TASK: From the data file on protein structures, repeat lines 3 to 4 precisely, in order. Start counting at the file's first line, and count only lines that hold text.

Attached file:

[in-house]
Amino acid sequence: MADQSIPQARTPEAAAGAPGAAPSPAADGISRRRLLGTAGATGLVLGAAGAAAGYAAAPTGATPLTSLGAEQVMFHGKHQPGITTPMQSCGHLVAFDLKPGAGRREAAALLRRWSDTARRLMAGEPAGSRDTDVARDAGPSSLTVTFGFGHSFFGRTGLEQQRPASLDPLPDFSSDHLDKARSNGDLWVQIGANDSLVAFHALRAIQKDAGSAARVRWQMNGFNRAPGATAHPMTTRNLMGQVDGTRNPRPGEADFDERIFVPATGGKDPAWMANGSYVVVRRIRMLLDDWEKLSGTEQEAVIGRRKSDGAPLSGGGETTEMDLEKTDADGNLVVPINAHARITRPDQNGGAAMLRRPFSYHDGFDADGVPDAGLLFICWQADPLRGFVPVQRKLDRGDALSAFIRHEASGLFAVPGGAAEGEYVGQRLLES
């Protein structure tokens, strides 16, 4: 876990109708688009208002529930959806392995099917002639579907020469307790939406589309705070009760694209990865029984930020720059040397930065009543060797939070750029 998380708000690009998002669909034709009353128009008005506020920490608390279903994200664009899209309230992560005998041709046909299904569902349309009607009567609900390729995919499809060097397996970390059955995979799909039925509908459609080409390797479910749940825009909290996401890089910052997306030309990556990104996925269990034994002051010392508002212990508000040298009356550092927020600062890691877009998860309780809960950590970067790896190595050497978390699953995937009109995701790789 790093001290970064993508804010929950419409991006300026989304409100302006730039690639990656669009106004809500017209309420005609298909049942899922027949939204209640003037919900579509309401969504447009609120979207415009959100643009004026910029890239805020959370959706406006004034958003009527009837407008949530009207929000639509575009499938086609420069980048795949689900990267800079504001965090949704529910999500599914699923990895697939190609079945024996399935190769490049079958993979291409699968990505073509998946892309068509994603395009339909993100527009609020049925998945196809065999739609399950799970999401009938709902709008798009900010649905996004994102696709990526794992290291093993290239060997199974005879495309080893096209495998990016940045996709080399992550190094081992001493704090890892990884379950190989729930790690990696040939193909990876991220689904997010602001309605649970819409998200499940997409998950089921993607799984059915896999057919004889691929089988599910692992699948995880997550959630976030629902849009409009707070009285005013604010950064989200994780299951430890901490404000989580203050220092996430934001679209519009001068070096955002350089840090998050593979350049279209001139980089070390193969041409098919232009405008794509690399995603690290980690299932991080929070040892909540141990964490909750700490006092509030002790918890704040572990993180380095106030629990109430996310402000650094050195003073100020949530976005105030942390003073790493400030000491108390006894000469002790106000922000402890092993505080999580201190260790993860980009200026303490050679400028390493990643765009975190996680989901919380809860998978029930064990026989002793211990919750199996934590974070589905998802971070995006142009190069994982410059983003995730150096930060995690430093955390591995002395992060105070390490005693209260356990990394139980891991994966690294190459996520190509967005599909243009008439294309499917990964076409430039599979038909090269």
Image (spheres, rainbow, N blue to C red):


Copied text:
């Protein structure tokens, strides 16, 4: 876990109708688009208002529930959806392995099917002639579907020469307790939406589309705070009760694209990865029984930020720059040397930065009543060797939070750029 998380708000690009998002669909034709009353128009008005506020920490608390279903994200664009899209309230992560005998041709046909299904569902349309009607009567609900390729995919499809060097397996970390059955995979799909039925509908459609080409390797479910749940825009909290996401890089910052997306030309990556990104996925269990034994002051010392508002212990508000040298009356550092927020600062890691877009998860309780809960950590970067790896190595050497978390699953995937009109995701790789 790093001290970064993508804010929950419409991006300026989304409100302006730039690639990656669009106004809500017209309420005609298909049942899922027949939204209640003037919900579509309401969504447009609120979207415009959100643009004026910029890239805020959370959706406006004034958003009527009837407008949530009207929000639509575009499938086609420069980048795949689900990267800079504001965090949704529910999500599914699923990895697939190609079945024996399935190769490049079958993979291409699968990505073509998946892309068509994603395009339909993100527009609020049925998945196809065999739609399950799970999401009938709902709008798009900010649905996004994102696709990526794992290291093993290239060997199974005879495309080893096209495998990016940045996709080399992550190094081992001493704090890892990884379950190989729930790690990696040939193909990876991220689904997010602001309605649970819409998200499940997409998950089921993607799984059915896999057919004889691929089988599910692992699948995880997550959630976030629902849009409009707070009285005013604010950064989200994780299951430890901490404000989580203050220092996430934001679209519009001068070096955002350089840090998050593979350049279209001139980089070390193969041409098919232009405008794509690399995603690290980690299932991080929070040892909540141990964490909750700490006092509030002790918890704040572990993180380095106030629990109430996310402000650094050195003073100020949530976005105030942390003073790493400030000491108390006894000469002790106000922000402890092993505080999580201190260790993860980009200026303490050679400028390493990643765009975190996680989901919380809860998978029930064990026989002793211990919750199996934590974070589905998802971070995006142009190069994982410059983003995730150096930060995690430093955390591995002395992060105070390490005693209260356990990394139980891991994966690294190459996520190509967005599909243009008439294309499917990964076409430039599979038909090269």
Image (spheres, rainbow, N blue to C red):